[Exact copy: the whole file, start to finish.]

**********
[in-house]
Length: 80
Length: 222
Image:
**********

[in-house]
Length: 80
Length: 222
Image: